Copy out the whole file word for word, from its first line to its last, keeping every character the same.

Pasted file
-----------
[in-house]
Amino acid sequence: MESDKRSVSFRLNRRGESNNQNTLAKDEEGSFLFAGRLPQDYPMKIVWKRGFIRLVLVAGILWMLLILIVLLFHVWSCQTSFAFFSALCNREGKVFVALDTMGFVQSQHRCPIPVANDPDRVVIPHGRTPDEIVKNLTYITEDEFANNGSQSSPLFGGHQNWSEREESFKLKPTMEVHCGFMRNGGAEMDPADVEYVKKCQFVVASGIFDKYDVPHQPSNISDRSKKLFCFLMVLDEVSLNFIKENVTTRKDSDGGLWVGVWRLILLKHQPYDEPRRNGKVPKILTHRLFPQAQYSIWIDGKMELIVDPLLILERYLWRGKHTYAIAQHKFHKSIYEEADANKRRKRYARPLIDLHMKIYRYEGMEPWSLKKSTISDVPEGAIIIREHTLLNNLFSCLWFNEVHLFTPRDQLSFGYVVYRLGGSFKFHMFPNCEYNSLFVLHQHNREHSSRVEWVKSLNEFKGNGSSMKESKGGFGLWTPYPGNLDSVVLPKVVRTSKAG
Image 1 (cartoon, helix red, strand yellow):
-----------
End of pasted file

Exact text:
[in-house]
Amino acid sequence: MESDKRSVSFRLNRRGESNNQNTLAKDEEGSFLFAGRLPQDYPMKIVWKRGFIRLVLVAGILWMLLILIVLLFHVWSCQTSFAFFSALCNREGKVFVALDTMGFVQSQHRCPIPVANDPDRVVIPHGRTPDEIVKNLTYITEDEFANNGSQSSPLFGGHQNWSEREESFKLKPTMEVHCGFMRNGGAEMDPADVEYVKKCQFVVASGIFDKYDVPHQPSNISDRSKKLFCFLMVLDEVSLNFIKENVTTRKDSDGGLWVGVWRLILLKHQPYDEPRRNGKVPKILTHRLFPQAQYSIWIDGKMELIVDPLLILERYLWRGKHTYAIAQHKFHKSIYEEADANKRRKRYARPLIDLHMKIYRYEGMEPWSLKKSTISDVPEGAIIIREHTLLNNLFSCLWFNEVHLFTPRDQLSFGYVVYRLGGSFKFHMFPNCEYNSLFVLHQHNREHSSRVEWVKSLNEFKGNGSSMKESKGGFGLWTPYPGNLDSVVLPKVVRTSKAG
Image 1 (cartoon, helix red, strand yellow):